It's a poignant look at life really. This will definitely get Moore a nomination, and a well deserved one too.

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it's a bit like Amour, but without Haneke's cold and clinical direction and not nearly as bleak.

Haneke doesn't want to instruct the audience what it should be feeling. Cold and clinical, maybe, but it felt very realistic.

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Yeah, I agree. Amour is a very good film and it's the better one in comparison to this. I'm just saying it won't leave you as depressed at the end.

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Surprised you thought it was so exposition heavy, BB. I think Inception is his very exposition-heavy film. One thing I liked about Interstellar was that it really moved, without a lot of exposition at all. Curious we'd have such differing opinions.

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THE TERMINAL (2004)

Most people regard this as a Spielberg fluff film. If you take out the Diego Luna/Zoe Saldana love story, which is totally ridiculous and underdeveloped, then this film is brilliant, in my opinion. There's plenty of great humor (Tom Hanks' mispronounciation of words in a thick European accent) and I think the drama between Viktor and Amelia is romantic and incredibly realistic. The best aspect of the film is the main character NOT getting the girl, especially with two A-list actors in these roles. It worked well, and isn't something you'd expect to find in a feel-good Spielberg film. I also think the film says a lot about US immigration policy and how we treat people from other countries, which makes it relevant today, more than when it was produced (2-3 years after 9/11). Furthermore, there is the great cinematography by Kaminski and a terrific score by John Williams.

This is one of my top Spielberg films, ranking right below CLOSE ENCOUNTERS, DUEL and JAWS.

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I really like that one too. I still feel this and Catch Me If You Can proved that Spielberg CAN stage effective comedy well and sustain it over an entire feature, not just in tandem with action set pieces like Indiana Jones. He's not necessarily a great comedy director as far as executing "jokes" (the broader slapstick in Terminal is hit-and-miss) but in terms of behavioral comedy like the "He cheat/Eat shit" scene and simple sight gags (the security cameras, Viktor's dinner with Amelia, Viktor running into the women's bathroom), a lot of that really lands for me and feels quite effortless. Plus Hanks knows how to sell the hell out of that stuff.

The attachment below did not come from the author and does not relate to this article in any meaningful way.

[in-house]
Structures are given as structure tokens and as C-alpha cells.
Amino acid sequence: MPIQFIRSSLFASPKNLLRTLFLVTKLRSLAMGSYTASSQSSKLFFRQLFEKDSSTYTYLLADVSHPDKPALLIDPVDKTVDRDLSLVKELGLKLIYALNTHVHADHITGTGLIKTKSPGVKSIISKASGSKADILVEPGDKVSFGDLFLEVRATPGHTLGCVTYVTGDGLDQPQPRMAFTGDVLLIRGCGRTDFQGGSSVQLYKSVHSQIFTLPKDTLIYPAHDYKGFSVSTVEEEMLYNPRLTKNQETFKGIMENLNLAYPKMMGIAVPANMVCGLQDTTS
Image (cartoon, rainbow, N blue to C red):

I agree on the cinematography too. I might even say it's Kaminski's best work with Spielberg after Schindler's List. Top five, definitely. That terminal is an awe-inspiring bit of production design too.

Surprised you thought it was so exposition heavy, BB. I think Inception is his very exposition-heavy film. One thing I liked about Interstellar was that it really moved, without a lot of exposition at all. Curious we'd have such differing opinions.

Yeah, I didn't have a problem with the exposition. Maybe a little bit with the bookcases but I still think it worked well enough. My main problems with both Interstellar and Inception were with characterization plus the way the story developed in Interstellar's second half, but as far as exposition goes I thought it was pretty much warranted in both cases. I can't really think of a way to write those films without those kinds of explanations. They probably could have been less dryly written/performed, especially in Inception, but neither film would make much sense without that stuff in some way.

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Good to know there's people out there who love The Terminal, too. For me there's something irresistible about the movie; every time it's on, I get hooked. Maybe it's because I loved airports as a kid, but still, I enjoy the hell out of it.

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Surprised you thought it was so exposition heavy, BB. I think Inception is his very exposition-heavy film. One thing I liked about Interstellar was that it really moved, without a lot of exposition at all.

Well, there were many moments where, to me, it felt like the characters were just dumping information for the audience instead of having a natural conversation (for example, when they first reached the wormhole and Romilly was explaining Cooper how wormhole works, or when they were talking about whether they should go on Miller's planet or not). The problem is not so much that a lot of information was delivered (because the information was necessary), rather the way it was delivered.

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The problem is not so much that a lot of information was delivered (because the information was necessary), rather the way it was delivered.

I agree. I sometimes felt the same way with how he was trying to deliver the theme of the film. For instance, I didn't like Hathaway's random spiel about love that I felt came out of nowhere. It felt like Nolan wrote that in just to remind us that "love is the key to everything!". Plot-wise, I didn't feel the exposition was too bad, but when everything was being dumped on us in the third act, it did begin to feel rather talky.

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Have you guys who complain about "love is the key to everything" solutions in movies ever been in love? Like, real, deep love?